Aktuelle Ausstellung
Vergangene Ausstellungen / Archiv
Programm
Verein
Artist in Residence
Kontakt

Oktober – November 17

Text | engl. | Abbildungen



Artists: Werner Feiersinger, Gary Kuehn

The exhibition Intrinsic is a confrontation between two sculptural practices, which ostensibly make use of a pared-down or even minimalistic formal vocabulary but upon closer observation assume positions that run counter to, and even contradict, Minimalism and Constructivism. The works of Werner Feiersinger and Gary Kuehn are characterized by a subtle subversion—albeit taking very different forms—of the premises of Minimalism, whether the ideal of a purely geometric form (basic form), a lack of reference anything beyond the artwork, or a rejection of expression, narrativity, and metaphor. The works of the two artists are not dominated by an inherent formal principle that forces its way to the surface, but by an intrinsic element of disruption and irritation that challenges the authority and cohesion of Formalism.

Instead of simply presenting viewers with static art objects, Intrinsic is a selection of works by Feiersinger and Kuehn that engage them through a spatial, situative constellation that is even almost theatrical. The works inherently convey a form of semantic dissonance and agitation of content that challeng viewers to take what they see a conceptual “step” further, in temporal and processual terms (Kuehn) as well as semantic and metaphorical terms (Feiersinger).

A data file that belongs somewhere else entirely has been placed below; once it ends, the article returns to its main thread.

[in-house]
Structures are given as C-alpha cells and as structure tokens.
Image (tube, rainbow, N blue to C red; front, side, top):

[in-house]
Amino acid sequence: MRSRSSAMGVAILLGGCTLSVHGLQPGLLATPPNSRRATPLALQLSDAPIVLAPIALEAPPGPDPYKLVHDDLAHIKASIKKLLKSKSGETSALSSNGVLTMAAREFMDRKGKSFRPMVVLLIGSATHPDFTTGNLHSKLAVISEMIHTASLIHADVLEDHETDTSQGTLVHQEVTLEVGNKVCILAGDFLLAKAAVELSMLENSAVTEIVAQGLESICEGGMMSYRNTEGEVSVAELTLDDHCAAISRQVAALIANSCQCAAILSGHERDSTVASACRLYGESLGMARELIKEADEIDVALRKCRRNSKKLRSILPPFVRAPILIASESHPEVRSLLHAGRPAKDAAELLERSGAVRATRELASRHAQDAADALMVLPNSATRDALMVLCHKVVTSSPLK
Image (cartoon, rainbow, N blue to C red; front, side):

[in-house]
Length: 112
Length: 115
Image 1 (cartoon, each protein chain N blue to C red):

Werner Feiersinger’s sculptures consist of a just a few simple forms and elements that have been brought into  precarious balance. Geometric insinuations or possible references to architectural forms are by no means to be understood as a blanket affirmation of certain formal ideals. The works cannot be reduced to their morphological structure or phenomenological presence. As spatial-situative sculptural scenarios, they instead open up a field imbued with potential connotative impact. Feiersinger’s works often refer to spatial situations and experiences that have their origins in the unconscious rather than in memory. In this sense, one could almost describe the branch-like supporting structure of his ladder-object Untitled (2013), which is also found in some of his other works, as a constructive archetype. The form of the branch thus takes on multiple readings: as a “principle of construction,” as an embodiment of the opposites of solidity and fragility, and also as a reference to the tension between a natural growth and something constructued or culturally produced.